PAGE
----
Taking place in the 1920s, this is the the third play in August Wilson's Pittsburgh Cycle, a ten-play cycle documenting the African-American experience during the 20th century. However, I find it more useful to read Wilson's plays in the order in which he wrote them, not their chronological order. This is his very first play, and also the only one of his to not take place in Pittsburgh (it's set in Chicago). Definitely groundbreaking for its time, Ma Rainey's contains many of Wilson's trademarks that he would continue to use and develop throughout his career. The dialogue between characters is truly poetic, at times. However, being his very first play, it can be a little rough around the edges. I found the tragedy of Levee's past and the play's ultimate conflict to really come out of left field. Wilson would go on to write much better—his next play, Fences, would win a Pulitzer—but Ma Rainey's is a classic for breaking new ground in African American theater and launching the career of one of the most important voices in modern drama.


  6. Adira Adira says:

    Full review to come.

    Mr. Wilson sure does know how to write an ending. This one wasn't as good as Joe Turner's Come &Gone, but it was still a good play. I'd recommend it to anyone who wants a quick and easy read or who loves African-American Literature or Blues' novels.


  7. The Literary Chick The Literary Chick says:

    A blow to the solar plexus would leave you able to breath easier than does the climax of this play. Cutting insight into the characters plunges deep within their bare surface words. Devastating. www.theliterarychick.com


  8. Raymond Raymond says:

    Ma Rainey's Black Bottom is the third play in August Wilson's Century Cycle. I have already read the first two and this play is the best (so far). This play is set sometime in the 1920s. It takes place one afternoon in a recording studio where Ma Rainey the legendary Blues singer and her band record some of her hits with her manager and record company owner overseeing the session. Tension erupts among all that are involved. This was a very good play. Three plays down, seven more to go. Up next: The Piano Lesson.


  9. Sam Sam says:

    This was my second play in Wilson's century cycle and though I have not seen it performed, it reads like a dream with significant conflict between races and between members of the same race with the more general themes of power,control, and respect addressed. I most liked Wilson's choice of a real life blues singer, depicting certain characteristics of her life, as a vehicle to address themes of the play. It is too early to pick my favorite plays in the cycle, but this gets high marks.


  10. Jessica López-Barkl Jessica López-Barkl says:

    I saw this play in 2003 with my Dramaturgy II class at Sarah Lawrence College. It was at the Classical Theatre of Harlem, where we saw another great play: THE BLACKS by Jean Genet. I remember really liking the production and we had read the play before we saw it...so I just re-read the play today in preparation for my U.S. History class' August Wilson Century Cycle project.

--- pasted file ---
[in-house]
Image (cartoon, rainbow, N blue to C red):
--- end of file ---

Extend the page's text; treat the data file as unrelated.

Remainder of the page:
Summary: From Huntington Theatre Company's 2012 production: Legendary 1920s blues singer Ma Rainey and her musicians gather in a run-down Chicago studio to record new sides of old favorites when generational and racial tensions suddenly explode. The Huntington completes Pulitzer Prize and Tony Award winner August Wilson's Century Cycle with this searing drama, Wilson's first Broadway hit.

    My favorite quote: Now, I'm gonna show you how this goes...where you just a leftover from history. Everybody come from different places in Africa right? Come from different tribes and things. Soonawhile they began to make one big stew. You had the carrots, the peas, and potatoes and whatnot over here. And over there you had the meat, the nuts, the okra, corn...and then you mix it up and let it cook right through to get the flavors flowing together...then you got one thing.
    You got a stew.
    Now you take and eat the stew. You take and make your history with that stew. All right. Now it's over. Your history's over and you done at the stew. But you look around and you see some carrots over here, some potatoes over there. That stew's still there. You done made your history and it's still there. You can't eat it all. So what you got? You got some leftovers. That's what it is. You got leftovers and you can't do nothing with it. You already making you another history...cooking you another meal, and you don't need them leftovers no more. What to do?
    See, we's the leftovers. The colored man is the leftovers. Now, what the colored man gonna do with himself? That's what we waiting to find out. But first we gotta know we the leftovers. Now, who knows that? You find me a nigger that knows that and I'll turn any whichaway you want me to. I'll bend over for you. You ain't gonna find that. And that's what the problem ain't with the white man. The white man knows you just a leftover. 'Cause he the one who done the eating and he know what he done ate. But we don't know that we been took and made history out of. Done went and filled the white man's belly and now he's full and tired and wants you to get out the way and let him be by himself. Now, I know what I'm talking about. And if you wanna find out, you just ask Mr. Irvin what he had for supper yesterday. And if he's an honest white man...which is asking for a whole heap of a lot...he'll tell you he done ate your black ass and if you please I'm full up with you...so go on and get off the plate and let me eat something else.